K - Kidneys
Kidneys are important to maintain homeostasis, meaning constancy of the internal environment of the body. A major function of the kidneys is to remove waste products and excess fluid from the body, via the urine. The production of urine involves highly complex steps of excretion and re-absorption. This process is necessary to maintain a stable balance of body chemicals.
The critical regulation of the body's salt, potassium and acid content is performed by the kidneys. The kidneys also produce hormones that affect the function of other organs. For example, a hormone produced by the kidneys stimulates red blood cell production. Other hormones produced by the kidneys help regulate blood pressure and control calcium metabolism.
The kidneys are powerful chemical factories that perform the following functions:
removing waste products from the body
removing drugs from the body
balancing the body's fluids
releasing hormones that regulate blood pressure
producing an active form of vitamin D that promotes strong, healthy bones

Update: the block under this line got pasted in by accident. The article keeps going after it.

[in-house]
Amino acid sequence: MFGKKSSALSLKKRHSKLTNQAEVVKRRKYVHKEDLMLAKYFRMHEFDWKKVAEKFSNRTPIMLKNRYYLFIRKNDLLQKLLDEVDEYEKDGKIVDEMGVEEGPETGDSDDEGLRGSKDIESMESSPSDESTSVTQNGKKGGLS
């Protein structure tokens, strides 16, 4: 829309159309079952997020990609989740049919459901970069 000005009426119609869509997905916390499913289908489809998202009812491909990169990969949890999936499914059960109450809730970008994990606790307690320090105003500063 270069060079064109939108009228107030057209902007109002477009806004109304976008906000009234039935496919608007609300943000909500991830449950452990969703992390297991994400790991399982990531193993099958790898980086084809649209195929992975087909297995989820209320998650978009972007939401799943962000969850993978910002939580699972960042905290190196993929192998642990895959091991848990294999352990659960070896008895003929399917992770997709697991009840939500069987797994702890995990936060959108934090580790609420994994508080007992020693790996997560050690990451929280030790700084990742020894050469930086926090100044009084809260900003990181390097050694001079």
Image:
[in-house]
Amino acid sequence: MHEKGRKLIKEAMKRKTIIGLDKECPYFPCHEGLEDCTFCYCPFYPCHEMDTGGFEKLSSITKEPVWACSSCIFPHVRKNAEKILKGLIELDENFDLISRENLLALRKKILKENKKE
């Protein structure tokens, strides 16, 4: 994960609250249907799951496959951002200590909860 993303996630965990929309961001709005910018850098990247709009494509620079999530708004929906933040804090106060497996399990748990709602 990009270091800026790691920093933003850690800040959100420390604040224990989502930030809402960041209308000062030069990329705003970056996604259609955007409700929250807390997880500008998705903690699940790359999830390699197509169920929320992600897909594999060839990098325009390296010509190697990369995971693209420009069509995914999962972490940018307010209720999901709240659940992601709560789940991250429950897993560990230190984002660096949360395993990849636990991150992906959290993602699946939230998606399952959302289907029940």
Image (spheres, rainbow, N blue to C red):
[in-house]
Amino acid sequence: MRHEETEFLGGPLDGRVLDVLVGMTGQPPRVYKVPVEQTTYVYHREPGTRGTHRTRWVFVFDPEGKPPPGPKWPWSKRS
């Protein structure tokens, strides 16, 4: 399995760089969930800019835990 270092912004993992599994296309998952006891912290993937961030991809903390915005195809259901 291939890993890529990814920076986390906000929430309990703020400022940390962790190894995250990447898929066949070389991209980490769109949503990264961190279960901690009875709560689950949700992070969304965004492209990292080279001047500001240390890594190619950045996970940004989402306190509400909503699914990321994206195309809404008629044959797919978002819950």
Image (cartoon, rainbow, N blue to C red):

controlling the production of red blood cells.
Kidney function is measured by a simple blood test in combination with a urine test. The level of a waste product in the blood called creatinine is converted into a measure of how efficiently the kidneys are filtering the blood this is called the estimated glomerular filtration rate (eGFR). The conversion formula takes into account the patient’s age, sex and ethnicity, as well as the creatinine itself. An eGFR of 100mls per minute is normal, or 100% efficient, while an eGFR of 50 means the kidneys are working at 50% efficiency, in other words, half as well as they should. An eGFR above 60 accompanied by raised levels of protein in the urine represents chronic kidney disease stages 1 – 2. An eGFR of between 59 and 30 regardless of the level of protein in the urine equates to stage 3 chronic kidney disease. An eGFR below 30, or a sustained decrease in eGFR of 25% or more, should trigger the GP to consider referral to a hospital specialist.
Failure can be acute (temporary) occurring in approximately 15% of Duchenne patients or chronic (permanent) kidney failure. Chronic k